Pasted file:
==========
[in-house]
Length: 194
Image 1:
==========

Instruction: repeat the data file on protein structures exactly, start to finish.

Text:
[in-house]
Length: 194
Image 1: